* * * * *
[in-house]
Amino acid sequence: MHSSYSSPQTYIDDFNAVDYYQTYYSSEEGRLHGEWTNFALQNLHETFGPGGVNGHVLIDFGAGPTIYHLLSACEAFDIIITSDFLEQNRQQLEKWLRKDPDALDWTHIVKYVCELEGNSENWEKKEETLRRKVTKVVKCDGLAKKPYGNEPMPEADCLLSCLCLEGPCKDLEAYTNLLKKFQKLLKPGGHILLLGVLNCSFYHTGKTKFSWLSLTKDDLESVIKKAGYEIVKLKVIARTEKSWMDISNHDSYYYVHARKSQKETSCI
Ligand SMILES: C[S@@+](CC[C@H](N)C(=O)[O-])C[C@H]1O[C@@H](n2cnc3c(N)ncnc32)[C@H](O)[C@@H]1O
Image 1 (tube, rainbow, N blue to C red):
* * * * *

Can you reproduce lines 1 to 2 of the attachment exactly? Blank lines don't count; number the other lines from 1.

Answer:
[in-house]
Amino acid sequence: MHSSYSSPQTYIDDFNAVDYYQTYYSSEEGRLHGEWTNFALQNLHETFGPGGVNGHVLIDFGAGPTIYHLLSACEAFDIIITSDFLEQNRQQLEKWLRKDPDALDWTHIVKYVCELEGNSENWEKKEETLRRKVTKVVKCDGLAKKPYGNEPMPEADCLLSCLCLEGPCKDLEAYTNLLKKFQKLLKPGGHILLLGVLNCSFYHTGKTKFSWLSLTKDDLESVIKKAGYEIVKLKVIARTEKSWMDISNHDSYYYVHARKSQKETSCI